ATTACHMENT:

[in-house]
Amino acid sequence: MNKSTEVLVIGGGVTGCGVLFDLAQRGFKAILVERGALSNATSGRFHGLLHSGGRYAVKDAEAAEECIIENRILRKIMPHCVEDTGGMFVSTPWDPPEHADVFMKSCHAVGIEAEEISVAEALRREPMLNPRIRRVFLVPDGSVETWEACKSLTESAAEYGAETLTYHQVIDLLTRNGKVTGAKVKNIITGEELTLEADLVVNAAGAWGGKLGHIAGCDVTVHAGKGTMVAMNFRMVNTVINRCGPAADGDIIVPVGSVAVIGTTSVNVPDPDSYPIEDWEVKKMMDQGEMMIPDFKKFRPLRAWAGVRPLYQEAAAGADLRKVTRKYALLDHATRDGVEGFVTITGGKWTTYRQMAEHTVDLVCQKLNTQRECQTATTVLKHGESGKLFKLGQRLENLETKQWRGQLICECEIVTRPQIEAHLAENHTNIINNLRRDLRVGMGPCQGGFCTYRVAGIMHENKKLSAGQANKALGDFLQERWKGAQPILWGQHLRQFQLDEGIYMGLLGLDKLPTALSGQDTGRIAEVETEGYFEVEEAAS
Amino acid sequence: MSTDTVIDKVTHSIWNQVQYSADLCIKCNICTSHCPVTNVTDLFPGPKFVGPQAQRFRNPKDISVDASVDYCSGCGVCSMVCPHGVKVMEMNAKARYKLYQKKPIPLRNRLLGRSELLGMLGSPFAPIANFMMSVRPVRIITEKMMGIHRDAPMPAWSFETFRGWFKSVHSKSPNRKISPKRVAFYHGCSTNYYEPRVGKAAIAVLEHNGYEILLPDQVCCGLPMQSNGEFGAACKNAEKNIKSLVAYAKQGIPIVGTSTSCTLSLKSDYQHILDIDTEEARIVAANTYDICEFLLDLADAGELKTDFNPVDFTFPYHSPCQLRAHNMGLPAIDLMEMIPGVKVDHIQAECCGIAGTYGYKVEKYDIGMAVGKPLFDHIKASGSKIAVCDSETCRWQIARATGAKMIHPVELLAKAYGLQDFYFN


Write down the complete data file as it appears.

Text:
[in-house]
Amino acid sequence: MNKSTEVLVIGGGVTGCGVLFDLAQRGFKAILVERGALSNATSGRFHGLLHSGGRYAVKDAEAAEECIIENRILRKIMPHCVEDTGGMFVSTPWDPPEHADVFMKSCHAVGIEAEEISVAEALRREPMLNPRIRRVFLVPDGSVETWEACKSLTESAAEYGAETLTYHQVIDLLTRNGKVTGAKVKNIITGEELTLEADLVVNAAGAWGGKLGHIAGCDVTVHAGKGTMVAMNFRMVNTVINRCGPAADGDIIVPVGSVAVIGTTSVNVPDPDSYPIEDWEVKKMMDQGEMMIPDFKKFRPLRAWAGVRPLYQEAAAGADLRKVTRKYALLDHATRDGVEGFVTITGGKWTTYRQMAEHTVDLVCQKLNTQRECQTATTVLKHGESGKLFKLGQRLENLETKQWRGQLICECEIVTRPQIEAHLAENHTNIINNLRRDLRVGMGPCQGGFCTYRVAGIMHENKKLSAGQANKALGDFLQERWKGAQPILWGQHLRQFQLDEGIYMGLLGLDKLPTALSGQDTGRIAEVETEGYFEVEEAAS
Amino acid sequence: MSTDTVIDKVTHSIWNQVQYSADLCIKCNICTSHCPVTNVTDLFPGPKFVGPQAQRFRNPKDISVDASVDYCSGCGVCSMVCPHGVKVMEMNAKARYKLYQKKPIPLRNRLLGRSELLGMLGSPFAPIANFMMSVRPVRIITEKMMGIHRDAPMPAWSFETFRGWFKSVHSKSPNRKISPKRVAFYHGCSTNYYEPRVGKAAIAVLEHNGYEILLPDQVCCGLPMQSNGEFGAACKNAEKNIKSLVAYAKQGIPIVGTSTSCTLSLKSDYQHILDIDTEEARIVAANTYDICEFLLDLADAGELKTDFNPVDFTFPYHSPCQLRAHNMGLPAIDLMEMIPGVKVDHIQAECCGIAGTYGYKVEKYDIGMAVGKPLFDHIKASGSKIAVCDSETCRWQIARATGAKMIHPVELLAKAYGLQDFYFN